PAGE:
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Title: Analysis of the novel c-terminal secretion signal of the Escherichia coli haemolysin protein.
Authors: Kenny, Brendan.
Award date: 1990
Presented at: University of Leicester
Abstract: The release of a haemolytic toxin from some urinopathogenic strains of E. coli is unique in that it is the only reported polypeptide to be truly secreted from this Gram-negative organism. This secretion system comprises four genes on a contiguous, approximately 7.5Kb DNA fragment, encoding the toxin itself (HlyA, 107KD), two membrane localised export proteins (HlyB,D) and the cytoplasmic HlyC protein, whose only apparent function is to post-translationally activate the toxin. Recently, another unlinked gene, tolC, encoding a minor outer membrane protein has also been reported to be required for the export process together with HlyB,D. A novel feature of this system is the presence of a C-terminal targeting signal to direct HlyA from the cell. In this study I show that the HlyA C-terminal targeting signal can be harnessed to secrete the majority of both the mammalian prochymosin and the E. coli cytoplasmic, LacZ, proteins in an HlyB,D dependent manner. I have also shown that the efficiency of secretion dramatically decreases when either the C-terminal domain is reduced in size, from 23KD to 4KD, or as the "passenger" domain increases in size. These results suggest that the HlyA signal domain is composed of sequences required for both efficiency of secretion and targeting and that the secretion process is inhibited by heterologous passenger domains, the effect increasing with size presumably due to the adoption of more stable folded conformations. This study has also been concerned with the investigation into the nature of the novel hlyA targeting signal by deploying a series of in vitro mutagenesis methods (hydroxylamine, site directed and "saturation"), to introduce point mutations. This work has generated a bank of mutants, the analysis of which, has highlighted several residues essential for efficient secretion and also indicated a minimal region containing the signal motif. However, this information together with comparisons with other molecules carrying similar targeting signals have not yet identified a common signal motif.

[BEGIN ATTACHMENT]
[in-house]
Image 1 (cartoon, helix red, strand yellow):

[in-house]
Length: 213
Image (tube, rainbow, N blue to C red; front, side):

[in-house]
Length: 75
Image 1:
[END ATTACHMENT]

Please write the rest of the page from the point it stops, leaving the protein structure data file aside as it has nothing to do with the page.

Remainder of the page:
Level: Doctoral
Qualification: Ph.D.
Rights: Copyright © the author. All rights reserved.
Appears in Collections:Theses, Dept. of Genetics
Leicester Theses

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